In Davie’s work both materiality and colour are amply utilised, but they frequently remain secondary to his search for a viable spatiality, which is where his invention and discovery is in greatest abundance and diversity. For example, Philosopher’s Stone, 1957, can be read as a picture-space of a pair of fabulous and complex paint-falls (they really are wonderful!) cascading out of billowing net curtains in front of and through a blue pond/box which has a red sail-boat/kite in the middle; all set in a green landscape with a horizon-line. There is a giant’s hand coming in from the right… whatever! It all works. And it is not really any of those things. Davie loads his pictures from this period, especially after 1955, with things that look a bit like parts of the real world – amoebas and plant-life, writhing bodies and dragons, pseudo-organic life-forms with and without shading, often set in orthogonal architectures that may or may not be conventionally modelled. His range of invention is dazzling, unmatched. How does he get away with it all, I’d like to know! Sheer talent and judgement? On the whole he falls on the right side of reconciling all these crazy things in space with the two-dimensionality of surface, and that takes some doing. Sometimes they fail; they become too flattened on the picture-plane and lose the space. Such weaker paintings are often much less worked, born of far fewer gestural impulses, being somewhat “thrown-off”, and are often the most non-representational – for example, Rabbit Moves, 1964. By contrast, the later symbolist works, after about 1965, like Fairy Tree No.5, 1971, go the opposite way. They too represent imaginary things in made-up representational architectures, but by then the surreal symbolic imagery has all but taken over and all reconciliation between imagery and painting is forgone. Not to put too fine a point on it, I think, like many people, that by 1965 Davie has lost the true knack.
Such a reconciliation of two and three-dimensions is a delicate balance in painting. We’ve had some discussion on abcrit lately about layering (in Gary Wragg’s work, particularly); painting is literally composed of it, one layer of paint over another. But it can be more; paint’s greatest potency and appeal to me is its ability to wrest three-dimensional form from two-dimensions without compromise to the latter. It is not just one layer behind another, it is one complex “thing” behind another, seen from a viewpoint (despite the claims of Cubism). The resounding force of the layered patch of paint that makes the light that defines the thumb of the right hand of Rembrandt’s Saskia in Arcadian Costume (National Gallery) breaks open and elaborates the three-dimensionality of the whole figure, and so demolishes but then simultaneously re-establishes and re-defines the two-dimensionality of the canvas on which it is painted. Behind the pressure of the thumb is the tip of the forefinger; behind the forefinger is the gnarled wooden staff; beyond which is the straightened little finger; next to the staff, but a little set back, is the material of Saskia’s sleeve. And between and behind the staff and the sleeve is space. We know and believe in the continuity of these things, even when we can see only a fraction of their total. And we know it as a far richer, more complex thing than just layering. That knowledge seems crucial, and enables us often to read even the least-modelled of Matisses as much more than a picture plane. We believe in the dual reality of both the three-dimensional space and the two-dimensional painting. Abstract painting struggles to derive value from this dual property of paint that figurative painting takes easily in its stride, and sometimes to the highest levels.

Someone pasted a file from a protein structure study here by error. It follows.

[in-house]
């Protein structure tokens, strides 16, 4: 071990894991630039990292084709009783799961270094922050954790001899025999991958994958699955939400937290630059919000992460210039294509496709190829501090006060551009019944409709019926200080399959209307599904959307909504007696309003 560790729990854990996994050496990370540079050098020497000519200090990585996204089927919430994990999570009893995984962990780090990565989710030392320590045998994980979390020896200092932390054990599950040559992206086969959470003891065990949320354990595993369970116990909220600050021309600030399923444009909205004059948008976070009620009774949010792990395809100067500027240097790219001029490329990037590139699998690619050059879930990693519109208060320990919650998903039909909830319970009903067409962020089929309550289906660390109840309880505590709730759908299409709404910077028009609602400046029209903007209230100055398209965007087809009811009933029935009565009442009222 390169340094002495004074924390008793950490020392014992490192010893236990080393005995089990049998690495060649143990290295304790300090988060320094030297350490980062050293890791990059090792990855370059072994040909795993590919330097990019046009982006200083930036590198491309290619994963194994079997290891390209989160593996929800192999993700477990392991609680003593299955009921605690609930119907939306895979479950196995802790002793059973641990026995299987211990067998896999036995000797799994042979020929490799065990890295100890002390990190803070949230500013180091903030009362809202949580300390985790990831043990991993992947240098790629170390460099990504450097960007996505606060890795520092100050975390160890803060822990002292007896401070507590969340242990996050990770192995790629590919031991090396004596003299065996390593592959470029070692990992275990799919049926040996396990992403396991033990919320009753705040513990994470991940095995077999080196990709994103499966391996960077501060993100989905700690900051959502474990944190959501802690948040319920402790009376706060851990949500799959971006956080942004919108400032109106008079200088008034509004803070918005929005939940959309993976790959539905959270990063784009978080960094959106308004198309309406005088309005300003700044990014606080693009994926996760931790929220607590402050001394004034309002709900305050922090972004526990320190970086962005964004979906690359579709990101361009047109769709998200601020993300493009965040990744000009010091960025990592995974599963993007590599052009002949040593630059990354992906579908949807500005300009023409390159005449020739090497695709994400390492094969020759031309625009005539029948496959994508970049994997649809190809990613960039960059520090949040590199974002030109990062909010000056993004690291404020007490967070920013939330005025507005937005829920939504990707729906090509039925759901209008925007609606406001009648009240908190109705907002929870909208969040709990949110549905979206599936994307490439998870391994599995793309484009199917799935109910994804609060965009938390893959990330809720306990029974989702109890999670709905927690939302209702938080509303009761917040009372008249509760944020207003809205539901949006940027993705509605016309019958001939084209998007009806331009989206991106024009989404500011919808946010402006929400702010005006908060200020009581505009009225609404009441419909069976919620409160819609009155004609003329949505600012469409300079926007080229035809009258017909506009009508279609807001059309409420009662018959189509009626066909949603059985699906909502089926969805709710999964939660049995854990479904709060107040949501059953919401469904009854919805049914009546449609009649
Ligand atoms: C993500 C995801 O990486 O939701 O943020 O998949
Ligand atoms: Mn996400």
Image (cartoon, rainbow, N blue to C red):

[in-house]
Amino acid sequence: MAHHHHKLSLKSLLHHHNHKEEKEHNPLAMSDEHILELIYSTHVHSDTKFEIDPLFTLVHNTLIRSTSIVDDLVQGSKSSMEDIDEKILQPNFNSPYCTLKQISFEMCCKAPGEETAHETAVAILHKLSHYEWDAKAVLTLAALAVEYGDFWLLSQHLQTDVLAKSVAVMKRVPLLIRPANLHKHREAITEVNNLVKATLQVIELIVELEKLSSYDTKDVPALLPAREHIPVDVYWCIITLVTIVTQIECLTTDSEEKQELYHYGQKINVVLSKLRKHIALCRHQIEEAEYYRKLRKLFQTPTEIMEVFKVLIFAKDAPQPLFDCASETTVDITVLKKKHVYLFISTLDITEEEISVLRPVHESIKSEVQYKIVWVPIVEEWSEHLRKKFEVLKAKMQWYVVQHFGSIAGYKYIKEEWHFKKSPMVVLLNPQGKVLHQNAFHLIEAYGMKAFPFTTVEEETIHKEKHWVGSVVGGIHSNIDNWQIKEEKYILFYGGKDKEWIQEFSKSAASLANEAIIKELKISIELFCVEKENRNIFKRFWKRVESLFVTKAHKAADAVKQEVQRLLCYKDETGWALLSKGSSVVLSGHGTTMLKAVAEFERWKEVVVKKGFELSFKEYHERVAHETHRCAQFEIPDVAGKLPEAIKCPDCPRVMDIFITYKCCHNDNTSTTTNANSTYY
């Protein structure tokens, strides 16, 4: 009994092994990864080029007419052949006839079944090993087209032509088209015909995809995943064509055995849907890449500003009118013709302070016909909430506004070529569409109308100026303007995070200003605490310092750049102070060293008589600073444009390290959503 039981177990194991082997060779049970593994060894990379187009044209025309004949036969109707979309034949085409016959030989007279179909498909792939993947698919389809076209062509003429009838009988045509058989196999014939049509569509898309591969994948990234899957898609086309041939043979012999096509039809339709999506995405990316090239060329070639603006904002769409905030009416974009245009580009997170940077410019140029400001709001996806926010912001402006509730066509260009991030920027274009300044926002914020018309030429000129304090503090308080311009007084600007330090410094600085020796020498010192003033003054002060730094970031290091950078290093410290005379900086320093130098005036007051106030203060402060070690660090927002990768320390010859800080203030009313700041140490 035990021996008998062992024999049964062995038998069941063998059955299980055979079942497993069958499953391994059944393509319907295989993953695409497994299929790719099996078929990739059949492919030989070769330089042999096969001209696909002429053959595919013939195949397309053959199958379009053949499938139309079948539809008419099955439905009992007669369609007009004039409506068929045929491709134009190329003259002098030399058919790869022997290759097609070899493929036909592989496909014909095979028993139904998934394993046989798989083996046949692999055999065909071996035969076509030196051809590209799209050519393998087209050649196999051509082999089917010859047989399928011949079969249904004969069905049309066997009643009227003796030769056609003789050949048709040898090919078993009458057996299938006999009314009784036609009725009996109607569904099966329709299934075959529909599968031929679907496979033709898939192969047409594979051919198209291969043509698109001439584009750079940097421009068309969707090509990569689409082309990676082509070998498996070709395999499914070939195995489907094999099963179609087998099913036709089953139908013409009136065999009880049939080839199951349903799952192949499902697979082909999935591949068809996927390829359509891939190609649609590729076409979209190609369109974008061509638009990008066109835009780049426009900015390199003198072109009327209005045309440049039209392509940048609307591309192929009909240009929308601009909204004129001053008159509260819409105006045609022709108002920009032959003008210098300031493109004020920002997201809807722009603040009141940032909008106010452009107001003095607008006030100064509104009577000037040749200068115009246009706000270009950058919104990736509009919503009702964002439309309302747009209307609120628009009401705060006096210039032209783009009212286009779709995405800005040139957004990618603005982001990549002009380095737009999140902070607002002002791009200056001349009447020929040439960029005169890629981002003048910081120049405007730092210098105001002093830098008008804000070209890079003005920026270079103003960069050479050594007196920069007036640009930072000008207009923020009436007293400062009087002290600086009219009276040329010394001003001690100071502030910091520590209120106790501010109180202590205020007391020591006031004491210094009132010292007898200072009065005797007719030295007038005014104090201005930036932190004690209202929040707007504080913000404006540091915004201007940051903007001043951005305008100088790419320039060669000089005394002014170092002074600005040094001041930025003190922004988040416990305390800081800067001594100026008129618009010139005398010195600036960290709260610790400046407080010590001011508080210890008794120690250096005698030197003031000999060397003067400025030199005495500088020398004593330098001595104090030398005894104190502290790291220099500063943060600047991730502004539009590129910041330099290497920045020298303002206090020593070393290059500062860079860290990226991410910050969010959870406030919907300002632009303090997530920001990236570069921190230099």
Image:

There is a painting by Davie called Look In 2, 1955, which I saw at the London Art Fair a couple of years ago, which comprises some sort of rounded opening hanging between heavy billowing curtains (velvet this time, not net!), and in the opening are slashings and scrawlings of all sorts in black, red, blue and yellow. This immensely lively and spontaneous onslaught of insect-head scratchings quite obviously continues behind the black outline and under the grey surround, suggesting space behind and beyond or through something. There remains a vestige of this continuation of splatter in the undefined small circle that pins the hole / head / stitched-baseball-thing to the curtain on its left-hand side. Then you begin to notice that the splatterings are both under and over the black outline; particularly the yellow on the right, which disappears behind at the top and overlaps at the bottom. So too the orange on the left seems both behind and in front. This is a little more complex than just layering. Or, if it’s a layer, it’s three-dimensionally warped, no longer just in parallel to the picture plane. Warped, spatial, yet it remains in touch with its two-dimensionality. But figurative..?
Well, the space might be figurative, but the methodology is all abstract. This is testified to by the massive amount of underpainting visible in a lot of the best paintings. Go see the amount of it in Altar of the Moon or The White Magician. It’s also demonstrated by the film of him at work, now showing in the display at Tate Britain, where you can watch him re-invent a picture, layer after layer, time after time, working fast in one burst after another, totally immersed (the film veers towards self-parody at times, but we are in 1961, a little past his very best). Such destruction and rebuilding, such complex layering of changing intentions, are a true part of the anti-programmatical methodology of real abstract art, and antithetical to not only figurative art (yes, even including Matisse, the great re-configurer), but also to the more conventional (I’m tempted to say “academic”) processes of “abstraction”, which tends to stick to and develop, often through simplification, the more fixed and singular compositional arrangement or format that they began with.
Davie’s best paintings don’t simplify, they gain complexity as they go; they mutate significantly; they don’t start with their “figuration”, or the “image”, if that’s what it is; no, it’s where they end up, having started from nothing, with random splurges and splashes, dabs and spatters to get things going. True, they do go into a final phase of consolidation, wherein forms are picked out with lines, sometimes solidified and surrounded by backgrounds, but to varying degrees the original complexities remain to inform the final vision, and to make it supple and resonant. And it’s important to remember that when the first scramblings of paint were put onto works like Philosopher’s Stone or Look In 2, no conception of the finished form of the work was in place. These paintings remain to the last deeply spontaneous works; the action, the reaction, the resolution, all grasped in a moment, yet the result of many, many moments. Maybe this complexity is why I relate to the best early paintings, despite their figuration, as if they matched in some quite precise way my own anticipation of a fully abstract art.